Taiwan’s top intelligence agency yesterday said that it has completed the training of about 220 special agents, who would be assigned in four teams to presidential candidates ahead of January’s election.
Speaking at a graduation ceremony after months of training at the National Security Bureau in Taipei, bureau Director-General Tsai Ming-yen (蔡明彥) said that the job of the special agents is to protect the candidates for president and vice president, regardless of the party they represent.
It is the duty and responsibility of the bureau to protect Taiwan’s potential future leaders in accordance with the law and failure to do so would not be tolerated, Tsai said.
In a democratic country, it is quite common to see political figures in close proximity to members of the public, which could present a challenge for security agents, he said.
However, the security details must remain professional and find a balance between protecting a candidate’s safety and allowing access to voters, Tsai said.
At the ceremony, the bureau also staged a demonstration of some newly purchased security vehicles that would be used during the campaigns in the run-up to the Jan. 13 election.
These included Ford Ranger modified double-cabin bulletproof patrol and Land Rover guard vehicles.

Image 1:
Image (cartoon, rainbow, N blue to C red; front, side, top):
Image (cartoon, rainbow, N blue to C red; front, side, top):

During the event on a bureau compound, the abilities of two black Labrador retriever sniffer dogs were also demonstrated.
They are to be part of a team of 11 detection dogs deployed during the election campaign period, the bureau said.
In addition, it plans to deploy Barrett MRAD rifles and NVLS thermal imagery systems from the US, as well as a new gunshot detector capable of quickly locating and countering hostile threats.
The ceremony marked the conclusion of five months of training, which included preparations for handling attacks involving drones and explosives.
The 220 agents would be assigned to the four expected presidential candidates and their running mates, who are required to formally register their candidacy by Nov. 24, the bureau said.
Vice President William Lai (賴清德) has been named as the Democratic Progressive Party’s candidate, New Taipei City Mayor Hou You-yi (侯友宜) for the Chinese Nationalist Party (KMT) and former Taipei mayor Ko Wen-je (柯文哲) for the Taiwan People’s Party.
They have not yet announced their running mates.
Hon Hai Precision Industry Co founder Terry Gou (郭台銘), who is seeking to run on an independent ticket, has submitted more than the required 289,667 petition signatures, which have to be certified by the Central Election Commission before Gou and his running mate, Tammy Lai (賴佩霞), could be included on the ballot.
Against that backdrop, the bureau is also prepared to assign a security detail to the candidates on a potential fourth ticket, it said.
The commission is to complete its review of the independent candidate’s petition by Tuesday next week, and registration of all presidential candidates and running mates would be from Nov. 20 to 24.
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